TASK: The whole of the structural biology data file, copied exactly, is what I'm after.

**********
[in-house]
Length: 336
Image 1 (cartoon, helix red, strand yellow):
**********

[in-house]
Length: 336
Image 1 (cartoon, helix red, strand yellow):